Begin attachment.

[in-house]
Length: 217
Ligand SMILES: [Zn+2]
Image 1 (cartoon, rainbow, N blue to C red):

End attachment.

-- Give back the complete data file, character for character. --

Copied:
[in-house]
Length: 217
Ligand SMILES: [Zn+2]
Image 1 (cartoon, rainbow, N blue to C red):